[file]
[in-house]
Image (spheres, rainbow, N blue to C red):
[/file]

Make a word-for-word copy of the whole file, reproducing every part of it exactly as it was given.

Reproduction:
[in-house]
Image (spheres, rainbow, N blue to C red):